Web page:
Dick Valentine and I have teamed up for several tournaments and done very well together. He and another of his partners Matt Davie just returned from a great run at the Florida 4.0 state tournament in Daytona, where they played #1 and won ALL FIVE of their matches; but the team lost in the finals. And he writes…

George, Here is a situation. My partner and I were playing on the 1st court against a very tough team in the Florida State finals this past weekend.

We won the first set 6-3 and then were blown out in the second set 6-0. The other (and deciding match) was going on in the next court; so that was distracting. I told Matt, when we were down 0-5 in the second set, that we should not worry about this set but to start thinking tiebreaker.

We took the maximum time after the set and talked about getting back into the match. We won the 1st point and that seemed to give us the MO and we went on to win 10-7.

But what else can you do?

2 thoughts on “Momentum

  1. Dick – It is a situation we all find ourselves facing on the tennis court… what was positive momentum has changed into negative momentum. And usually it is not just on one side of the court. While one team is getting tighter and missing shots, the other team gets confident and starts making shots (that they had been missing).

    During the recent Golf Masters, one of the TV analysts said, “When you get tense, the big muscles stop moving; and the small muscles over react.” Roy Emerson says the same thing: he focuses on moving your feet in tight situations.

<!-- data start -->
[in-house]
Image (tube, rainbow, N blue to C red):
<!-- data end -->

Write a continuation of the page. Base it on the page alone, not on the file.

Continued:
So much of success on the court (and in life) is not what happens between the lines, but what happens between the ears.

  2. I agree with George. This kind of thing happens to everybody. I also agree with Roy Emerson’s advice. In fact, I recall Roy giving me exactly the same advice some years ago during a tight match and it definitely worked to get the big muscles moving.

    But it is hard to combat the mental jitters. One trick that I use is to keep repeating to myself a stupid mantra: “The ball is a grapefruit. The ball is a grapefruit.” My aim is to stop thinking about anything else going on in the world (e.g., the job, the war in Iraq, the match on the adjacent court, the fact that my opponent just hit a stupendous crosscourt topspin backhand that left me stammering in disbelief, etc.) and to focus only on the moment. More precisely, I am trying to focus only on the ball…. to track the ball acutely with my eyes, to block out all other distractions, to move my feet instinctively and not consciously, to truly PLAY THE BALL. I believe that when I have been successful achieving that mental state — call it being “in the zone” — I have been able to play my best.

    I don’t know why repeating “The ball is a grapefruit” sometimes works. I think the repetition of the mantra has some TM elements to it. And talking myself into believing an object has twice the diameter that it really has is a way to sharpen my eyesight so I just see the ball better as it flies through the air.

    But YMMV.

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